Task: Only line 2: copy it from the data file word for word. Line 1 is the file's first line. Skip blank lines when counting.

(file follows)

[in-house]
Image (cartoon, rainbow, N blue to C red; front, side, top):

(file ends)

Image (cartoon, rainbow, N blue to C red; front, side, top):